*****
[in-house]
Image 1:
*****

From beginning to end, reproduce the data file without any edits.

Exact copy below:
[in-house]
Image 1: